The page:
Many boats had to be secured & moved this morning. Hoping winds & rain slow down, but in the forecast.
Observation by Carol Oliver:
Many boats had to be secured & moved this morning. Hoping winds & rain slow down, but in the forecast. This is one of our first concerning rough water storms; high winds and some high water; Love the way everyone gathers to help tie down boats and make sure all's ok. The new dock appears to be damaged, and the men will work on repairing that. Smaller boats are being hauled back to the boat storage site. Boats are being closely watched and repairs will be made when weather permits. The weather is unpredictable, but this storm was pretty accurate. In the 80's it was fair and good for fishermen & subsistence gathering/fishing. Last summer 2021 was a rainy stormy summer!!! Too rough to commercial/subsistence fish and dry them; so hoping the rest of the season is pleasant!!! I had a stormy picture of the seiners, barges somewhere on my phone from last summer!! It was bad, and then to watch all the people that were on the boats, head up to the airport to leave Golovin, fishing fun but also can be dangerous! The air temps feel more like fall, so a lot of cooler air during the evenings. We have a volunteer community garden, which is doing ok; but worry about cool evenings!! So still have hopes for a crop; we hope to do this every year, for food security issues. :) Thanks to Calypso Gardens & Ecological Center in FBKS and of course, to Anahma for getting our community involved!!!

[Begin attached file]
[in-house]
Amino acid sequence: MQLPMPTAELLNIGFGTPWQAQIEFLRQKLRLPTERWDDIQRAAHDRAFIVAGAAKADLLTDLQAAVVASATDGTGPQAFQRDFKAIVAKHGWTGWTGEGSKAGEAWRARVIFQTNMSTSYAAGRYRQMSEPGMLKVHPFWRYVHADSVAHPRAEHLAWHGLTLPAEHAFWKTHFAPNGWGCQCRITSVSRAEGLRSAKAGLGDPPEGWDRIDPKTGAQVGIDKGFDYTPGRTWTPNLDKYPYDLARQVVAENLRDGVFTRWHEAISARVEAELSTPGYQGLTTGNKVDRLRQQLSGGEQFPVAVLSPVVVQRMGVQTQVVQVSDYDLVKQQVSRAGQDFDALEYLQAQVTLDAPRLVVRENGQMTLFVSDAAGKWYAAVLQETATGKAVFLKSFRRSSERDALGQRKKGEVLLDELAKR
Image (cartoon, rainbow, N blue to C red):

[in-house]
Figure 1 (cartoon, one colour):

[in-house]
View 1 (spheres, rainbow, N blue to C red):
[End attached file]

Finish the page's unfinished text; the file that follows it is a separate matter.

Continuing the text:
LEO Editor Comment:
Thanks Carol for the observation and the video. This post has been shared with our climate forecast friends at ACCAP, our emergency preparedness team at ANTHC, the Sea Grant marine advisory program agent, the environmental office at Kawerak and the environmental health office at Norton Sound Health Corporation.
Comment by Rick Thoman:
The strong winds and rough seas were produced by a very deep storm for mid-summer. But unlike most strong storms that impact the Golovin area, this was not a storm moving northeastward across the Bering Sea, but was associated with an exceptionally cold pool of air aloft that had moved into the region from north of Chukotka. As a result, the storm center spent three days moving in a counterclockwise manner around the northeast Bering and southern Chukchi Sea areas. As Carol noted, although this was very unusual historically, weather models accurately forecast this scenario well in advance. At the Golovin Airport, the peak wind reported from the FAA automated station was 43 mph during the afternoon of July 18, and for several hours in the late evening winds were sustained near 30 mph.